I ask. I get CRICKETS! Veterinary Team Communications

August 6, 2020

Veterinary team engagement can be a challenge.

Sometimes it can be difficult to get the veterinary team to communicate and open up when asked to engage. “I ask my team, ‘What do you want?’ and all I get are CRICKETS! What do I do?” asked a veterinarian owner after a presentation talking about leadership and empowerment.

That is not an uncommon comment. “I get CRICKETS-nothing!”

I have a few suggestions for managers, team leads, and owners who can relate.

Give the team time to ruminate and then respond.

Before you ask your team to engage in an open conversation, remember your team may want to ruminate (my large animal tech shining through) on the topic and formulate their answers. Few team members will jump into an answer (but you know the two that will and they tend to DOMINATE the conversation whenever they have the opportunity).

If you are going to have a meeting on Thursday in which you ask the team to participate, give them an article on the topic Monday along with a few questions you will be asking during the meeting. In this way, the team understands the topic, can formulate their answers, and be willing to speak their mind.

Even though the dominating team members will pipe up, systematically ask all the team members for their input. If you have a large team, divide them into smaller groups (3 to 5 people), identify a scribe that will relay the conversation, and set them up for engagement success!

Create a safe place to engage.

Team members won’t speak up if, in the past, they were told, “That has been tried before and it was a failure!” Or, “We can not implement that because …. (you fill in the blank).” When you ask the team to offer their suggestions, DON’T SHOOT ‘EM DOWN!!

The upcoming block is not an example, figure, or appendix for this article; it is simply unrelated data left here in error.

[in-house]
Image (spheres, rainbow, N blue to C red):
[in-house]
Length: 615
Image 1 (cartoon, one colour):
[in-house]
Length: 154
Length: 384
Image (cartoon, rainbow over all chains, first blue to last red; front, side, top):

Allow your team the courtesy of listening, without immediate judgment. Give them time to “toss out ideas and determine what will stick, later.” Remember to listen when you ask them to speak.

Start with Low-Risk Conversations.

Don’t seek engagement the first week in regards to embezzlement or team members behaving badly. I guarantee you will get CRICKETS! Start with Low-Risk topics.

Consider creating a suggestion box, or creating a weekend photo session with clients and their dogs with the Easter Bunny, or designing a value statement, together. High-Risk conversations may include the incorrect count of a Class III drug or creating a policy on drug screening. Start with small, “safer” topics and transition into more involved conversations as your team begins to build trust and open communication skills.

Be sure to thank them for speaking up. Acknowledge their input, “I appreciate your idea in putting together a Gratitude Jar. That sounds like a win/win suggestion.”

Follow-through is CRUCIAL!

There is nothing more demoralizing than asking your team for their input and not taking ACTION! Consider how you (as leader or manager) will record the conversation, identify who is accountable for bringing project/task/event to fruition, and check on the progress.

If you ask your team to engage and offer their input without any intention of follow-through, you have just set everyone up for failure.

Take ACTION! Show your team you are willing and able to engage with them and take their suggestions seriously.

Now is a great time to view our FREE SMART Goal course in designing and bringing those ideas and projects to completion!

Yours in engaging veterinary team meetings,

Rebecca Rose, CVT

Join us for Dimensions in Veterinary Management an adventure in managing from the Heart! The Fall 2020 Cohort begins September 2nd.